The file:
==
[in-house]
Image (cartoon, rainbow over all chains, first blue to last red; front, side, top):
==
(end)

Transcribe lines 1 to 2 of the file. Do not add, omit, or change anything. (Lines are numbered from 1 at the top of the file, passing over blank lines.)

[in-house]
Image (cartoon, rainbow over all chains, first blue to last red; front, side, top):